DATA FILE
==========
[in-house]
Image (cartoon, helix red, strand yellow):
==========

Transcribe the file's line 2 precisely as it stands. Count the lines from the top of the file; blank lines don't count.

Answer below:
Image (cartoon, helix red, strand yellow):